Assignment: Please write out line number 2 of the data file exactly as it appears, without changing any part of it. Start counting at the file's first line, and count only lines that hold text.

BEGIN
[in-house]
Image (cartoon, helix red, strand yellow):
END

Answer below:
Image (cartoon, helix red, strand yellow):